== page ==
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First Come, First Served (FCFS). The simplest algorithm When a process becomes ready, it enters the FIFO queue. When the currently-running process ceases to execute, the oldest process in the queue is selected for running. Non-preemptive. FIFO Ready Queue. CPU. dispatched.

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first come first served fcfs
First Come, First Served (FCFS)
  • The simplest algorithm
    • When a process becomes ready, it enters the FIFO queue.
    • When the currently-running process ceases to execute, the oldest process in the queue is selected for running.
  • Non-preemptive

FIFO Ready Queue

CPU

dispatched

slide2
Process Arrival Time Process Exec Time1 0 3 msec2 2 6 msec3 4 4 msec4 6 5 msec5 8 2 msec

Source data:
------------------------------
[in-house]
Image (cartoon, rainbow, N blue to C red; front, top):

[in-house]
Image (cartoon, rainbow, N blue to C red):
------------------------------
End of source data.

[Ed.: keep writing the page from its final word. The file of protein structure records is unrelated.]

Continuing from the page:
0

5

10

15

20

P1

P2

P3

P4

P5

slide3
The average waiting time is not minimal and varies substantially if the process execution times vary.
      • ex 1 Process Arrival Time Process Exec Time P1 0 24 msec P2 1 3 msec P3 2 3 msec
        • Calculate the average waiting time, turnaround time and throughput.
      • ex 2 Process Arrival Time Process Exec Time P2 0 3 msec P3 1 3 msec P1 2 24 msec
        • Calculate the average waiting time, turnaround time and throughput.
exercises
Exercises
  • Process Arrival T Exec TimeP1 0 24 msecP2 1 3 msecP3 2 3 msec
  • Process Arrival T Exec TimeP2 0 3 msecP3 1 3 msecP1 2 24 msec

6

0

24

27

30

0

3

30

P1

P2

P2

P3

P3

P1

Waiting time = (0 + 23 + 25) / 3 = 16 sec

Turnaround t = (24 + 26 + 28) / 3 = 26 sec

Throughput = 3/30 = 0.1

Waiting time = (0 + 2 + 4) / 3 = 2 sec

Turnaround t = (3 + 5 + 28) / 3 = 14.3 sec

Throughput = 3/30 = 0.1

slide5
Normalized turnaround time
    • The ratio of turnaround time to process exec time.
    • A relative delay experienced by a process
      • The longer process exec time, the greater absolute amount of tolerable delay.